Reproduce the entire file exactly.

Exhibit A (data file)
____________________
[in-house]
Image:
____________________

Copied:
[in-house]
Image: